The Beaver’s Head
A few miles below the mouth of Ruby River, Sacagawea recognized a prominent point of land known to her people as the Beaver’s Head. She informed the captains that they were not far from the summer retreat of her people, which, she said, was on a river beyond the mountains (Lcmhi River.)
On Aug. 9, Lewis, along with three men, again set out ahead of the main party in an attempt to find the Shoshones.
About 9 1/2 miles by water from the Beaver’s Head, the main party reached an island which they named 3000-Mile Island—a reference to their distance up the Missouri River.
Fourth Range Of Mountains
Lewis’s party, which was following an Indian road, passed through the fourth range of mountains on Aug. 10, and from the number of rattlesnakes about the cliffs called it “Rattlesnake Cliffs.” The main party entered this canyon four days later and both Clark and Sacagawea were in danger of being struck by these serpents.
Lewis continued on the Indian road and soon came to a fork at the head of the Jefferson River. He left a note here on a dry willow to inform Clark of his decision to follow the west fork. At about 15 miles from the forks, on Horse Prairie, Lewis finally saw a Shoshone on horseback—the first Indian the Expedition had seen in 1400 miles. The native, wary of the strangers, would not allow them to approach, and soon disappeared into the mountains.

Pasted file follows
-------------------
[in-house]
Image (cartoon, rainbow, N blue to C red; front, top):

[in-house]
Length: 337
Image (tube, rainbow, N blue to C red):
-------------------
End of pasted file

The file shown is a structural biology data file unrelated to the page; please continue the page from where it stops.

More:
Fifth Range Of Mountains
Lewis fixed a small U.S. flag onto a pole as a symbol of peace, which was carried along as they followed the horse’s tracks. They camped that night at the head of Horse Prairie. They were now about to enter the fifth range of mountains.
The following morning they came upon recently inhabited willow lodges and a place where the Indians had been digging roots. They continued on until they reached what Lewis described as “the most distant fountain of the waters of Mighty Missouri in search of which we have spent so many toilsome days and wristless nights. Thus far I had accomplished one of those great objects on which my mind has been unalterably fixed for many years…” He then wrote that Private McNeal “exultingly stood with a foot on each side of the little rivulet and thanked his god that he had lived to bestride the mighty & heretofore deemed endless Missouri.”
Reprinted from U.S. Forest Service pamphlet “Lewis and Clark in the Rocky Mountains”